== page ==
Swearing in different languages - Weekend

Swearing in different languages

By Rachel Arandilla


I’M NOT sure how much I should or shouldn’t say to ensure this essay sees the light of day in print.

A few weeks back I wrote about the different personalities we adopt when speaking different languages; I touched briefly about how nothing beats swearing in Bisaya. My thesis is that there’s something so raw and wrong about saying it in vernacular that one ends up with a weird combination of pleasure and guilt that I don’t get when I express it in English. But as much as I feel like a formidable war freak when I swear in Bisaya, I would never consider using the vernacular for dirty talk.

Profanity is a telling aspect of a culture — it is interesting that all cultures have language and a set of words that you really shouldn’t say. While profanity is universal, each language has its own regional quirks and peculiarities. Rude language represents a lot about what a culture likes and doesn’t like (e.g. sex and poop). Around the world, sex and genitalia is pretty much the universal focus of obscene language.

Blasphemy also plays an important role in profanity, especially among cultures with Western religions. In Filipino, we often call out the devil, or Judas, include “‘sus”, a contraction of “Hesus,” or the more peculiar “Susmaryosep,” a contraction of “Jesus, Mary, Joseph.”

All these sounds tame when juxtaposed with the Quebec French, whose swear words call out Catholic articles such as the tabernacle, chalice, host and baptism. Calling out the tabernacle, in Quebec, is just as bad as saying out the F-word in English.

In Tagalog, the most defining curse word is “putang ina,” or calling out one’s adulterous mother. This curse word is just as popular in Spain and other Spanish-speaking countries – “hija de puta” or “puta madre.” This stems from the patriarchal-dominated culture ingrained in our Spanish colonial roots.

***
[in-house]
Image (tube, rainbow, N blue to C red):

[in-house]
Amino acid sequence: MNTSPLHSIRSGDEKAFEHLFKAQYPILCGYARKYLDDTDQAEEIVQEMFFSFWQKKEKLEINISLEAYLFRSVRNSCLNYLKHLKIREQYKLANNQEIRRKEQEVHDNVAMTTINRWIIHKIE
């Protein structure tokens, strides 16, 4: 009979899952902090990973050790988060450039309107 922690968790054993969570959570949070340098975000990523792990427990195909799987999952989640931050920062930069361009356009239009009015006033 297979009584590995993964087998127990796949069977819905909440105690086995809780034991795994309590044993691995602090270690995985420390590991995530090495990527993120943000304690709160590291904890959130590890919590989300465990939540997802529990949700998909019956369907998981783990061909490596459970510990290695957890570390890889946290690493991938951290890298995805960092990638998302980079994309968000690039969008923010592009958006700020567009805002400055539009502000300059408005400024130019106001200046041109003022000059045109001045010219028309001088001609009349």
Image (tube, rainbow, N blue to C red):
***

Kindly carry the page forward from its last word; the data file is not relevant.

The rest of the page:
What’s worthy of note is how Catholic beliefs of shunning sexual immorality are juxtaposed with rampant prostitution in the streets, of how women in our culture (or other Spain-colonized countries) are so internally conflicted on their views on love, sex and marriage. It’s also interesting to note that cultures that strongly swear about mothers tend to swear a lot about prostitutes, too.

In Cebuano, our swear vocabulary is composed mostly of body parts (e.g. genitalia, liver), as well as religion-based (calling out the devil, Judas, etc.). Personally I think it’s not very creative, compared to other cultures. If you want to be offensive in Dutch, simply add “kanker” to any word (which means cancer sufferer). Eastern Europeans also have swear words on cancer, typhus, cholera, or some very obscure diseases that date back to the middle ages. Other cultures also swear on animals they consider “dirty” — pigs and dogs are popular, but even the turtle can be a bad word too, in the case of Mandarin.

“Profanity is the effort of a feeble brain to express itself forcibly,” according to religious and civic leader Spencer Kimball. Most people believe that cursing or swearing is indicative of one’s lack of mental capability, education or grace, or being unable to think of the right word while in conversation and hence replacing certain words with curse words. As David Keuck puts it, profanity is the “common crutch of the conversational cripple.”

I beg to differ. This belief has long been invalidated by several scientific studies. Expletive language can actually improve one’s self-confidence, release emotional tensions, and even strengthen bonds.

And personally, I think cursing can improve creativity, too. Profanity can be poetic, if released at the right place and at the right time — and as long as it’s kept in moderation.

What’s your favorite swear word?

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